"Apparently," he continued, after a brief silence, "there is no place in the economy of life except for one kind of man. If one would be respected, he must be coarse, harsh, and phlegmatic. Let him be anything else, and friends and foes alike unite in declaring him eccentric. Much as I despise the gross, sensual creatures who wear the form and receive the appellation of man, I sometimes regret that I am not more like them, and, so, more at ease. They plunge into excesses with no more concern than a duck feels in plunging into a lake. With me the thought, or rather the dread, that I may some day so far forget myself as to debase and degrade myself, according to the common custom of man, is in itself sufficient cause for the most excruciating torture. When I look upon men as they average and see the perfect nonchalance with which they commit this, that, or the other abuse from which I would recoil with utter repugnance, I wonder if, after all, they are not really to be envied. My condition is as much of a puzzle to me as it possibly can be to you. Logically, there is no reason for it. My father and mother were neither abnormally sensitive nor excessively moral. So far as I am able to ascertain, they regarded things in life very much as every one else does. It was the same, I believe, with the parents of Poe. Things he has written prove to me that he felt the same disgust for whatever demoralizes that I have always felt, only he saw how the world would behave towards him if he did not seem in sanction and approve of its rottenness. I do not blame him. His way was wisest. Deceit is best in such a case, if it can only be assumed. With his sensitiveness were associated force and defiance,-two traits which I seriously lack. Perhaps, though, he could endure the world more easily than I can, because his childhood was less dreadful than mine. All through my infancy things were done which stung and wounded me. Not that I was treated more harshly than children commonly are, but because my nature was so unlike that of children in general that the things which never disturbed them were offensive to me. I soon learned that companionship meant pain, and that I could never know or feel anything like content unless I held myself aloof from every one. This, for a man, is hard enough to do; for a child it is next to impossible. I was forced to subject myself to the will of harsh, unfeeling teachers, and to the society of those who, scarcely more than animals themselves, accredited me with no instincts finer than their own. Most of the studies thrust upon me seemed dull, stupid, and worthless : because they so jarred upon me that my understanding faculties were dulled and blunted with pain, I was declared half-witted. For hours I would sit and dream beautiful day-dreams; and that won for me similar epithets. It is a misfortune to be organized as I am; yet I am what I am because a stronger will and power than mine made me so. In that lie my so]e solace and comfort for having lived at all. If my reading and observation have not been in the wrong direction, much of the phenomenon which is called insanity is really over-sensitiveness. It is often hinted, and sometimes openly declared, that I am a madman. Perhaps I am; but I doubt it. Insanity may be self-hiding. An insane man may be the only person on earth who is not aware of his insanity. Of course I, for such reasons, may not be able to comprehend my own mental condition, except in an exaggerated and unnatural way. But I believe myself a rational being. That, though, may be proof of my insanity. Yet I doubt if any insane person could study and analyze himself as I have done and still do. I am simply out of tune with the majority of my race. I do not enter into man's common pleasures, because they disgust me and would destroy me. Society hurts me, and I keep out of it. Women court me, and for my safety I avoid them. Were I a poet, I should be praised for saying these things in verse; but the gift of utterance is not mine, and so I am sneered at; scorned, and called a madman. Will God, when he summons me, adjudge me the same?"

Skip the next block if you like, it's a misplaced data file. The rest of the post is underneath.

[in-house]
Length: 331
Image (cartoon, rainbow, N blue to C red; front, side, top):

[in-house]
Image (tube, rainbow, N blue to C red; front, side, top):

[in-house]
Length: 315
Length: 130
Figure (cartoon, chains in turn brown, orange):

With tearful eyes, he pressed my hand, smiled, and left the room. The learned doctors have already declared Ludwig of Bavaria insane, and kindlier judgment from those who loved him would very likely be counted wasted sympathy by the world.

[Note: As a postscript, here is an intriguing blog post theorizing that the "Poe Toaster" had a connection to King Ludwig.]

Monday, August 31, 2015

The Poisoning of Edgar and Virginia Poe

Rene Van Slooten, one of the more original and insightful Poe scholars out there, has an interesting article about how analysis of Edgar and Virginia's hair shows that the couple (particularly Virginia) had been poisoned with various toxic substances (largely from illuminating gas) during the years they lived in New York City.

Van Slooten goes on to suggest that this environmental poisoning was responsible for at least some of Poe's health problems and notoriously erratic behavior during this period.  Although Van Slooten does not mention this, I found myself wondering if this poisoning contributed to Virginia's early death.

As that popular blogging saying goes, read the whole thing.

Monday, May 11, 2015

Tuesday, March 3, 2015

Today's PSA For the Historically Illiterate

To All You Nincompoops Who Have Been Posting This on Pinterest, Reddit, and Tumblr as a Genuine Photo of Edgar Allan Poe and Abraham Lincoln:

This photo is a fake.  F.A.K.E.  It was never even intended to be seen as legitimate.  It originates from the book "Abraham Lincoln: Vampire Hunter," which, (though a chilling number of people seem unaware of this,) was meant to be satire.  Poe and Lincoln never even met.  Please stop making fools of yourselves and stripping me of whatever minuscule shred of hope for the human race I have left.  After all, I can only drink so much therapeutic gin.

That is all.

Sunday, August 17, 2014

Yet Another Reason Why the Internet is a Poe Blogger's Hell

The above photo is one I have been seeing all over the internet lately, particularly on Twitter. It is always described, without reservations, as a daguerreotype showing Poe at Philadelphia's Academy of Natural Sciences, circa 1842. (He is supposedly the seated fellow with the impressive set of whiskers.)